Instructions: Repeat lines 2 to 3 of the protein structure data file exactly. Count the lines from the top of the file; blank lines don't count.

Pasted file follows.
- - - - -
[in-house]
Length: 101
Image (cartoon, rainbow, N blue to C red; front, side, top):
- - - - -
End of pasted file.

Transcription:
Length: 101
Image (cartoon, rainbow, N blue to C red; front, side, top):